The people in the awe group gradually shrank in their photos over the course of the study, preferring to show the landscapes around them compared to the control group.
At the same time, the smiles on the faces of the Awe group participants grew more intense over the course of the eight-week study.
Asked to mind the details of the world around them and use their sense of wonder, attendees smiled stronger after eight weeks – and made natural wonders a more important part of their selfies
"One of the main characteristics of awe is that it promotes what we call 'little self' – a healthy sense of proportion between your own self and the bigger picture of the world around you," said Professor Sturm.
"To be honest, we decided to do this particular analysis of participants' selfies on a lark. I never expected that we could document the awe-inspiring ability to literally create an emotionally healthy little self in front of the camera!"
Participants also conducted daily surveys during the eight-week study to assess their daily emotional state.
Members of the awe group saw a sharp increase in their daily experience of positive pro-social emotions such as compassion and gratitude over the course of the study.
Interestingly, the control group actually went for walks more often during the study, the researchers said – likely because some of them suspected the study was focused on exercise.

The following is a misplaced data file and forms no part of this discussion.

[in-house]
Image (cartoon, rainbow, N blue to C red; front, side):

However, this didn't result in any significant changes in emotional well-being – or their selfies.
The effects were relatively moderate but easy to induce and grew stronger over time, suggesting that the benefits may continue to increase with prolonged exercise.
"I find it remarkable that the simplest intervention in the world – just a three-minute conversation at the start of the study, which suggests that participants were awe-inspiring on their weekly walks – could make significant changes in their daily emotional experience," said Professor Said Storm.
"This suggests that fostering the experience of awe could be an extremely cost-effective tool for improving the emotional health of older adults by simply changing their mindsets."
The study was published in the journal Emotion.
HOW TO DO AN & # 39; AWE WALK & # 39; GOES
Below are a number of instructions for those with an impressive walk that will help you get the most out of your daily walks too.
For the next eight weeks, we ask that you take a walk once a week that you may feel awe of.
Awe often distracts your attention from yourself and helps you appreciate the wonders of the world around you.